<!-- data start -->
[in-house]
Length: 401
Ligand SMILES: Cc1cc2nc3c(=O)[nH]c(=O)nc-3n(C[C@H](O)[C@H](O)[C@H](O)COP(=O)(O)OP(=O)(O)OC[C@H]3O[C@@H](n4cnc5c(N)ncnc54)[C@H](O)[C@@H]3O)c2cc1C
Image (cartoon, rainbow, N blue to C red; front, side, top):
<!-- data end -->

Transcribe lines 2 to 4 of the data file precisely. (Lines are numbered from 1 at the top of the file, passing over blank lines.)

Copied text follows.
Length: 401
Ligand SMILES: Cc1cc2nc3c(=O)[nH]c(=O)nc-3n(C[C@H](O)[C@H](O)[C@H](O)COP(=O)(O)OP(=O)(O)OC[C@H]3O[C@@H](n4cnc5c(N)ncnc54)[C@H](O)[C@@H]3O)c2cc1C
Image (cartoon, rainbow, N blue to C red; front, side, top):